Tag Archives: Working Identity

Wondering About Support

“How do you do it?” Claire asked through exhausted eyes. Her usual all-put-together self, the spirited one that donned mini-dresses and fringe halter tops, was absent. Missing too was her energetic smile, her hopeful demeanor. In its place sat a woman who was perched in a chair at what looked like an uncomfortable angle. She asked me to sit close to her. I held her hand. Yes, I would be the one who got to go home that day. She would stay in this place, wondering. Continue reading

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Our Script

“What if I want to work at the cheese counter at Whole Foods?” asked a women of me earlier this week after a speaking engagement that I did to promote my book, Women & Transition.  She was the parent of a toddler and someone for whom Whole Foods would never have been an option prior to childbirth.   I’d describe her as a type-A achiever who was asking important questions of herself.  Did I hear frustration in her voice?  Resignation?  She seemed to be toggling back and forth between a new identity and one more firmly entrenched.  My suspicion was that the newer one had already introduced her to unfamiliar waypoints and some unusual reactions from others. Continue reading

A simple handshake?

“The justices shake each other’s hand. That’s just what they do each time…It just- it’s meaningful, and I’m glad the court does that,” said Sandra Day O’Connor during her interview with NPR’s Terry Gross (‘Out Of Order’ At The Court: O’Connor On Being The First Female Justice, March 5, 2013).  Chief Justice Melville Fuller started this custom in the late 1800’s saying that “it shows that harmony of aims, if not views, is the court’s guiding principle.”  O’Connor concurred.   It introduced a harmony.  Aligned members.  I wonder if a handshake is a metaphor for transition? Continue reading

Alignment and Transition

“It was nice meeting myself again,” stated the twenty-fifth respondent to the Research Jam’s online survey.    This person had served more than ten years in a corporate role before an unexpected job transition caused a new route into independent consulting.   The respondent offered a perspective on the 5th anniversary of this new journey….”the impact on my life (and my family’s life) has been overwhelmingly positive.   I have met dozens of fascinating individuals whom I likely would not have met if my head was still buried at a corporate desk. I have also learned, and continue to learn, a lot about myself.” Continue reading

Permission?

“Medicine is gray.  It is rarely black or white,” conceded Dr.  Maher Tabba, the  fellowship director at a local teaching hospital.   We were discussing a challenging medical case.  A patient’s diagnosis eluded Tabba and his team.   He sought certainty.   But like so much…..informed instinct combined with knowledge and experience would have to lead the way. Continue reading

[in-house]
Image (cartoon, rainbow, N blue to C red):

Advice: When to embrace vs. ignore?

Last week a dynamic entrepreneur presented her pitch deck to me and a few other advisors.  Her company is a new online service that is sure to up-end a staid fragmented industry.  All through the conversation I hung on the edge of my seat waiting to catch pieces of her original concept.  With virtually no money the company had acquired a few customers (hooray!) and talked with many prospects.    But based on a small sample size of feedback she morphed her plan,  radically.  Finally I asked, “why have you stepped away from your original concept?” Continue reading

Does transition ever end?

I remember hopping into taxi cabs terrified that my broken portuguese wouldn’t suffice in communicating my desired location.  After a few lengthy and circuitous rides around Sao Paulo, Brazil I reverted to taking the local bus.  Much to the horror of my work colleagues I might add.   These taxi escapades introduced me to the colorful ribbons that dangled from the rear view mirrors of almost every cab in the city.   On each read the phrase, BonFim, and it’s originator the Church of Nosso Senhor do BonfimBonfim simply translated means, good end.    If ever there was a wish for transition…. Continue reading

Summer Book Review #24: Smart Women Don’t Retire They Break Free

‘It’s not easy to think about what I really want….for as long as I can remember it’s been achieve, achieve, achieve,’ I said to a friend of mine who joined me for lunch early in my transition.  The concept piqued her interest.  It engaged her.   She’s a financial services entrepreneur.  Her dream had been fashion design.  And yet she found finance and accounting.  A detour?  A revelation? A necessity? Continue reading

Summer Book Review #15: How Will You Measure Your Life?

I’m not a big sports fan.   My 7-year-old son has taught me more about sports and team devotion in the past year than I’ve learned in my entire life.   Last week, before our beloved Boston Celtics lost to the Miami Heat in game 7 of the Eastern Conference Finals, we were listening to an interview with one of the Celtic’s big three, Kevin Garnett, Paul Pierce and Ray Allen.   The player responded to a journalist’s question about their approach to upcoming practices and games by saying, ‘we’ll probably watch the tapes.’ Continue reading

The universal barriers of transition…

“I wish for my son the exact same thing that I wish for my daughter,” I said in response to a question posed by an audience member at a WITI event that I spoke at last spring.   The woman asked me ‘what I hoped for’ for my daughter.  “I want them to have the confidence to follow their heart, early.”   From the get go.  No deferrals. Continue reading